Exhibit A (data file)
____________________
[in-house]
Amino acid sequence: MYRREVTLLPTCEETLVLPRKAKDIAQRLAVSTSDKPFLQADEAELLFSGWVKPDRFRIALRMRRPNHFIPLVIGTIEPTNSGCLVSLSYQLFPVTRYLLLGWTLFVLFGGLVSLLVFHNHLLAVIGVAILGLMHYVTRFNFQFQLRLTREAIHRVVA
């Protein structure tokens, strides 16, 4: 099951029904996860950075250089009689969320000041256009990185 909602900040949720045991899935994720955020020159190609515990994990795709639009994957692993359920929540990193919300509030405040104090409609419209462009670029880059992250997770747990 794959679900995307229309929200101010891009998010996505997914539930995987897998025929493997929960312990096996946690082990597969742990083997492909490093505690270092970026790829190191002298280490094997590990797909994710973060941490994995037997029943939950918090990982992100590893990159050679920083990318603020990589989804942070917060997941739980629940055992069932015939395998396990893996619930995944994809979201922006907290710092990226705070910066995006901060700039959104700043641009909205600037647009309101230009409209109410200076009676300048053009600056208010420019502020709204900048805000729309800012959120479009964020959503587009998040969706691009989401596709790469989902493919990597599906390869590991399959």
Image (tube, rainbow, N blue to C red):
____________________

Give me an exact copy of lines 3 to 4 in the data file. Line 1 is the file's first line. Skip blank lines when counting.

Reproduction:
């Protein structure tokens, strides 16, 4: 099951029904996860950075250089009689969320000041256009990185 909602900040949720045991899935994720955020020159190609515990994990795709639009994957692993359920929540990193919300509030405040104090409609419209462009670029880059992250997770747990 794959679900995307229309929200101010891009998010996505997914539930995987897998025929493997929960312990096996946690082990597969742990083997492909490093505690270092970026790829190191002298280490094997590990797909994710973060941490994995037997029943939950918090990982992100590893990159050679920083990318603020990589989804942070917060997941739980629940055992069932015939395998396990893996619930995944994809979201922006907290710092990226705070910066995006901060700039959104700043641009909205600037647009309101230009409209109410200076009676300048053009600056208010420019502020709204900048805000729309800012959120479009964020959503587009998040969706691009989401596709790469989902493919990597599906390869590991399959």
Image (tube, rainbow, N blue to C red):